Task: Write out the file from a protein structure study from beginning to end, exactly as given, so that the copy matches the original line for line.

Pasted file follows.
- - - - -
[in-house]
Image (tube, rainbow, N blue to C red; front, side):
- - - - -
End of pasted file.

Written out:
[in-house]
Image (tube, rainbow, N blue to C red; front, side):